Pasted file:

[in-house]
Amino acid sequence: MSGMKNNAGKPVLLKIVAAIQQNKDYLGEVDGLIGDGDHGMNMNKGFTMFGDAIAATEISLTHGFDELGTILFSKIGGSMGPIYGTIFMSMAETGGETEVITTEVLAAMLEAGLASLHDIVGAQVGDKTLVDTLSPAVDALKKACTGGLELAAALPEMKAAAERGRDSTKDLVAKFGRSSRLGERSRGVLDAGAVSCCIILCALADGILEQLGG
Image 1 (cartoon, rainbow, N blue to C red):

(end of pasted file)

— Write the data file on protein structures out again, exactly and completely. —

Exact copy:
[in-house]
Amino acid sequence: MSGMKNNAGKPVLLKIVAAIQQNKDYLGEVDGLIGDGDHGMNMNKGFTMFGDAIAATEISLTHGFDELGTILFSKIGGSMGPIYGTIFMSMAETGGETEVITTEVLAAMLEAGLASLHDIVGAQVGDKTLVDTLSPAVDALKKACTGGLELAAALPEMKAAAERGRDSTKDLVAKFGRSSRLGERSRGVLDAGAVSCCIILCALADGILEQLGG
Image 1 (cartoon, rainbow, N blue to C red):